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Encyclopedia > Resource Conservation and Recovery Act
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The Resource Conservation and Recovery Act (RCRA), enacted in 1976, is a Federal law of the United States contained in 42 U.S.C. §§6901-6992k. It is usually pronounced as "rick-rah" or "Wreck-rah." The Environmental Protection Agency (EPA) states that RCRA's goals are: Jump to: navigation, search 1976 is a leap year starting on Thursday (link will take you to calendar). ... Federal law is the body of law created by the federal government of a nation. ... EPA redirects here. ...

  • to protect the public from harm caused by waste disposal
  • to encourage reuse, reduction, and recycling
  • to clean up spilled or improperly stored wastes.

EPA waste management regulations are codified at 40 C.F.R. pts. 239-282. Regulations regarding management of hazardous waste begins at 40 C.F.R. pt. 260. Waste management is literally the process of managing waste materials (normally those produced as a result of human activities). ... The international symbol for recycling. ...


The EPA replaced its toll-free hotline c. 2005 with the RCRA Online Database -- http://www.epa.gov/rcraonline. For more information see EPA's RCRA Orientation Manual (1996).

Contents


Related acts

An amendment of the earlier Solid Waste Disposal Act of 1965, RCRA was enacted to create a management system to regulate waste from "cradle-to-grave." In 1984 the Hazardous and Solid Wastes Amendments Act was added to the Act and in 1986 the law was expanded further to regulate underground storage tanks and other leaking waste storage facilities. However, unlike the "Superfund" (CERCLA), RCRA only regulates active and not historical sites. 1965 was a common year starting on Friday (link goes to calendar). ... 1984 is a leap year starting on Sunday of the Gregorian calendar. ... 1986 is a common year starting on Wednesday of the Gregorian calendar. ... Checking the status of a cleanup site Superfund is the common name for the United States environmental law that is officially known as the Comprehensive Environmental Response, Compensation, and Liability Act (CERCLA), 42 U.S.C. §§ 9601 to 9675, which was enacted by the United States Congress on December 11... Checking the status of a cleanup site CERCLA is an acronym for the Comprehensive Environmental Response, Compensation, and Liability Act, 42 U.S.C. §§ 9601 to 9675 (commonly known as the Superfund), which was enacted by the United States Congress on December 11, 1980 in response to the Love Canal...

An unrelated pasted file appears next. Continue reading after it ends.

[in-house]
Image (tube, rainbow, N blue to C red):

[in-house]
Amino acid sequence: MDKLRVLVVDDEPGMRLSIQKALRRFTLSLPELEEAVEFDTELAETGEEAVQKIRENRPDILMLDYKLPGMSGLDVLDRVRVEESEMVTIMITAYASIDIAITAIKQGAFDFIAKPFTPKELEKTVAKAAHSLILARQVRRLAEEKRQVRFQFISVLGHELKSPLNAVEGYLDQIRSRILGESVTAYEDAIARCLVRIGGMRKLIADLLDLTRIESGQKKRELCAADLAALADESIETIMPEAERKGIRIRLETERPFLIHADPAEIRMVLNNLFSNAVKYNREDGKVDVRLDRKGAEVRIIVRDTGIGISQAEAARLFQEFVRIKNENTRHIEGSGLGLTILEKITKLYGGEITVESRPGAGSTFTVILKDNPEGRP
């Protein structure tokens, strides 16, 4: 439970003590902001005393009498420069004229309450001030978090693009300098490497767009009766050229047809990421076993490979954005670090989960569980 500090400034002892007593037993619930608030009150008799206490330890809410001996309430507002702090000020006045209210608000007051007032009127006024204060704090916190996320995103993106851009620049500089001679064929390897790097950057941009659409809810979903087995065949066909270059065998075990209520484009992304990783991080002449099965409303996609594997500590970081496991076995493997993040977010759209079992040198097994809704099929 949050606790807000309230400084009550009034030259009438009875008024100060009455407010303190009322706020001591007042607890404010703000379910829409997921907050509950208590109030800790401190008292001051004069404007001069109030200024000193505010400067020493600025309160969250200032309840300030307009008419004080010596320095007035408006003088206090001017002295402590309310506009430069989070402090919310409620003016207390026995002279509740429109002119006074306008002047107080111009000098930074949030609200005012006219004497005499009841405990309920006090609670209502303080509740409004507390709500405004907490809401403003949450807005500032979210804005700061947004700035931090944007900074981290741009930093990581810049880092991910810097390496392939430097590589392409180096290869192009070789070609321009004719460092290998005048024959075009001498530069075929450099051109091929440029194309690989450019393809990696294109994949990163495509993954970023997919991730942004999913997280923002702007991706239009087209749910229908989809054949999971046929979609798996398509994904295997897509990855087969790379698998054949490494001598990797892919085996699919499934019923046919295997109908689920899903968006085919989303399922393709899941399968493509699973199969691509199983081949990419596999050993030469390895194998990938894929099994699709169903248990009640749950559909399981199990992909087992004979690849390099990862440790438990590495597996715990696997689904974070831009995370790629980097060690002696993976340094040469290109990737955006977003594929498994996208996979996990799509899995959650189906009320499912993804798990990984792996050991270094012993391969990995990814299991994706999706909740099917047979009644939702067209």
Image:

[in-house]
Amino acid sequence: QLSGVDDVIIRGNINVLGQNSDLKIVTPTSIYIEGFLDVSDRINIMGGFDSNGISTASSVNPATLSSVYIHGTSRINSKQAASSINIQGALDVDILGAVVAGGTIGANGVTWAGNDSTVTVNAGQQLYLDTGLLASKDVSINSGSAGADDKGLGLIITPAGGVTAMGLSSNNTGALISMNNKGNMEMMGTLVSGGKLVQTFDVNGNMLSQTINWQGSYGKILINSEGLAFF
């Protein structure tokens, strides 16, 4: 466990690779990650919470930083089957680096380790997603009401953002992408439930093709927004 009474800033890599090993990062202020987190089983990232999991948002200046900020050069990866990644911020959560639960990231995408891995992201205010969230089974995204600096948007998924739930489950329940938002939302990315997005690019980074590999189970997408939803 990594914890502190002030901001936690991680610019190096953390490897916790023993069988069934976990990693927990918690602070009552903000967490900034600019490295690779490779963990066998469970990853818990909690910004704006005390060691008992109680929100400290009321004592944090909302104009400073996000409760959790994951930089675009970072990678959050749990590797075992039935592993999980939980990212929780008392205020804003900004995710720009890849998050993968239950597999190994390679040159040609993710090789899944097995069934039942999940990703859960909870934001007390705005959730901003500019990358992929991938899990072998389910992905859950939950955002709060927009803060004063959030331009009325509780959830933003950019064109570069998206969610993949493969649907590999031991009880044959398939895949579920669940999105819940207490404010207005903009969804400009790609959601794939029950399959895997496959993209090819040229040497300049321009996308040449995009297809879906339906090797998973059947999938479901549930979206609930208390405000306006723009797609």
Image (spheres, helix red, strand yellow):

Implementation and scope

The EPA Office of Solid Waste (OSW) is responsible for implementing RCRA. The act is similar to the Clean Air Act (USA) (1970) in that it allows the OSW to delegate responsibility for certain wastes to the state level. All but three states have accepted full responsibility for RCRA enforcement and receive financial support for doing so. The Clean Air Act (CAA) of 1970 requires the United States Environmental Protection Agency (EPA) to develop and enforce regulations to protect the general public from exposure to airborne contaminants that are known to be hazardous to human health. ...


Primarily, RCRA defines hazardous waste and mandates record keeping and reporting necessary to keep track of where such wastes originate, are treated, stored or disposed. This is accomplished through the use of a manifest system called Biennial Reporting System: reports which companies file every two years with EPA or their local state agency. The EPA or state agency issues permits under RCRA to Treatment, Storage and Disposal Facilities (TSDFs) which are allowed to handle hazardous waste under the terms of the permit. RCRA includes significant enforcement legislation including the ability to pursue criminal prosecution and large fines for failing to comply with RCRA's reporting requirements and its other provisions. Hazardous waste is waste that poses substantial or potential threats to public health or the environment and generally exhibits one or more of these characteristics: ignitability corrosivity reactivity (explosive) toxicity Generally, toxicity is quantified through the use of the Toxicity Characteristic Leaching Procedure or TCLP test, as required by EPA...


Major sources of hazardous solid waste have been exempted from coverage of RCRA. These sources include municipal water, domestic sewage, NPDES permit, and "recycling". Recycling waste under RCRA is restricted to wastes that are part of an ongoing process and destined for immediate re-use (within 90 days). See American Mining Congress v. EPA.


TSDFs

Texas Industries Texas Industries NYSE: TXI is headquartered in Dallas, Texas, USA.It produces construction materials, primarily cement and steel. ...


External links

TSDF permitting


  Results from FactBites:
 
EPA Region 5: Resource Conservation and Recovery Act (293 words)
EPA Region 5: Resource Conservation and Recovery Act
RCRA (pronounced "rick-rah") gave EPA the authority to control hazardous waste from the "cradle-to-grave." This includes the generation, transportation, treatment, storage, and disposal of hazardous waste.
RCRA also set forth a framework for the management of non-hazardous wastes.
Resource Conservation and Recovery Act - Wikipedia, the free encyclopedia (359 words)
The Resource Conservation and Recovery Act (RCRA), enacted in 1976, is a Federal law of the United States contained in 42 U.S.C. §§6901-6992k.
The act is similar to the Clean Air Act (USA) (1970) in that it allows the OSW to delegate responsibility for certain wastes to the state level.
Primarily, RCRA defines hazardous waste and mandates record keeping and reporting necessary to keep track of where such wastes originate, are treated, stored or disposed.
  More results at FactBites »

 
 

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